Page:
Over the past two U.S. administrations, greater self-sufficiency in the energy sector and a gradual pivot to Asia have contributed to U.S. retrenchment in the Middle East. In response, regional actors have sought out strategically aligned neighbors, while oil-producing countries have considered how to diversify their economies away from fossil fuels. These factors culminated in the Abraham Accords, which marry Gulf capital with Israeli entrepreneurial spirit.
The United States has attempted to comprehensively solve the Israeli-Palestinian conflict four times: in 2000, 2007-2008, 2013-2014, and 2020. All four attempts failed. Today, the Venn diagram between official Israeli and Palestinian views on the core issues does not overlap, and resolving the conflict is not feasible. Yet the United States cannot ignore the problem, since that would enable a slide to a one-state outcome that inalterably cripples Israel’s identity and Palestinian dignity. Two states cannot be achieved at the moment, but they cannot be abandoned either.
Individuals on both edges of the political spectrum tend to view the Abraham Accords as a bypass road around the Palestinians. In actuality, the accords are a bridge, creating the potential for parallel, partial moves that advance Israeli-Palestinian peace.
Such moves may include Saudi Arabia, the biggest prize for Israel. As long as King Salman is alive, full normalization with the Saudis is likely unattainable. Yet Riyadh’s consent was essential for Bahraini normalization, and the Saudis have also allowed overflights from Israel to the UAE. Most strikingly, former Saudi ambassador Bandar bin Sultan appeared on the news channel Al-Arabiya for a series that discussed reshaping the Israeli-Palestinian narrative and highlighting peace opportunities the Palestinians have missed. Going forward, Saudi Arabia could conceivably take partial steps toward Israel—perhaps a tourism or investment office—on the road to full normalization.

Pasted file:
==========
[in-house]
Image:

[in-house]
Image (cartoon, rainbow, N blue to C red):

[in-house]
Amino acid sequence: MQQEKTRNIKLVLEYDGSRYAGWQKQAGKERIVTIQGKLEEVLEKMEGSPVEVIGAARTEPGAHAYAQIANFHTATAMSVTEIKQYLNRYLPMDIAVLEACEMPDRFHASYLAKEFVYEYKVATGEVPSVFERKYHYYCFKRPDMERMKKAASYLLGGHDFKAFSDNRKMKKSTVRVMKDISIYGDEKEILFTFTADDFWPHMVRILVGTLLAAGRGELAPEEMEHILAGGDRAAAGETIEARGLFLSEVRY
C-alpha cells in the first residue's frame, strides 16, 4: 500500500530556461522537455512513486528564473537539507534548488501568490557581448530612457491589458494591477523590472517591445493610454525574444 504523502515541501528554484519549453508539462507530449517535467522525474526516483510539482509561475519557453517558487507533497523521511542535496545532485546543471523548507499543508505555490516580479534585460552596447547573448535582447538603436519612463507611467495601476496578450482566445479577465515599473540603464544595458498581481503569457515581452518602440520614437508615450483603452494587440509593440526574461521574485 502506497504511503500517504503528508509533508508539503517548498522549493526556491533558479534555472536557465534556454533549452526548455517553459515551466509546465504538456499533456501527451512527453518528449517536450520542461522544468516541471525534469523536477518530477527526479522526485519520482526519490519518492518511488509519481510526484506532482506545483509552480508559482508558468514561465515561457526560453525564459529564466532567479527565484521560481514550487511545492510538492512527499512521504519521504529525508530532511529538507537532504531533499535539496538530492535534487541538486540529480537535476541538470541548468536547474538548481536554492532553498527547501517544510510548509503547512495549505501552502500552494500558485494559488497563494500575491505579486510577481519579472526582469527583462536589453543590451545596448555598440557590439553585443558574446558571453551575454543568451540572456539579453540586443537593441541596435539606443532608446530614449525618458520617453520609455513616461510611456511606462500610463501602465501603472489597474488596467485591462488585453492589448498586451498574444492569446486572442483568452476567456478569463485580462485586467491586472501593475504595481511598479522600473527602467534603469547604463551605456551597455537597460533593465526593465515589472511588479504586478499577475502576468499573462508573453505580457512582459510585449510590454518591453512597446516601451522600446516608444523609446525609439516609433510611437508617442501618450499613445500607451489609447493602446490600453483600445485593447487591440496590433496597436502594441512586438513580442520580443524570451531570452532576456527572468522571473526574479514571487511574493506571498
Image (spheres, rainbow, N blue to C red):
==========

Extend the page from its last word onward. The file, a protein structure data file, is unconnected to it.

If Israel disavows settlement activity outside the West Bank security barrier, the United States should reciprocate by differentiating its policy toward settlement activity. In tandem with partial Saudi normalization moves, such a U.S. approach would give Israel both a key incentive to avoid jeopardizing the two-state solution and a clear choice. When given a similar choice between Emirati normalization and West Bank annexation, the vast majority of Israelis preferred normalization. Washington should therefore distinguish between settlements beyond the barrier, which are inconsistent with the two-state model, and settlements within the barrier, which are consistent with two states. This initial policy would not entail addressing settlements already in existence or condoning settlement activity; instead, it would focus on leaving the door open to a two-state solution.
In return for an Israeli commitment to the principle of land swaps and halting construction outside the barrier, Saudi Arabia might be willing to take additional steps toward normalization. In any case, a grand political deal with the Palestinians is not feasible today, so the Biden administration will need to think and act creatively to preserve the two-state solution.
This summary was prepared by Sheridan Cole. The Policy Forum series is made possible through the generosity of the Florence and Robert Kaufman Family.